Daniel Kalder is the author of Lost Cosmonaut and Strange Telescopes. He has contributed to BBC Radio, Esquire, the Guardian and The Times among other publications. Originally from Fife, Scotland, he lived in Moscow for ten years before moving to Texas, where he currently resides.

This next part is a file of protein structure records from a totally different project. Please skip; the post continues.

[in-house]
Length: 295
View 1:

`Very funny...After reading Dictator Literature you will never look at books with such a benevolent eye again.' * <i>Spectator</i> * `I enjoyed this book a great deal . . . it's actually a rather snappy read.' * Will Self, <i>Guardian</i> * `A fascinating study...partly an enjoyable romp but mostly a sombre sidelong-glance history of 20th-century totalitarianism.' * <i>Sunday Telegraph</i> * `Brisk, and full of antic fun.' * <i>New Statesman</i> * `Hugely compelling...Like coming across a planet-sized car crash, with hundreds of millions snarled up in the wreckage: you can't look away. Kalder has really dug deep into the minds of these infernal texts' creators, and thus delivers some truly enlightening insights.' * <i>Irish Independent </i> * `Kalder is our cheeky and irreverent guide to the (generally aggressively tedious) prose by history's despots.' * <i>Tatler</i> * `Full of...wonders, and startling individual facts...An overwhelmingly powerful reminder of 20th-century misrule, and of just how delusional human beings can be - especially if they're literate.' * <i>Telegraph</i> * `Daniel Kalder...deserves a medal...Dictator Literature is a great book...An insightful book, but also a funny one.' * <i>Times</i> * `This is about the most discomforting book I've read in the past year. Never mind Trump and never mind Twitter: Kalder demonstrates that words themselves, and the escapist spells we weave with them, are our riskiest civic gift.' -- Simon Ings, author of <i>Stalin and the Scientists</i> `A compelling examination of why bad minds create bad writing, and therefore a valuable read for anyone interested in literature - or the world, in fact. Kalder's dry humour makes Dictator Literature a fun tour de force through the mad history of the 20th century and the present.' -- Norman Ohler, author of <i>Blitzed</i>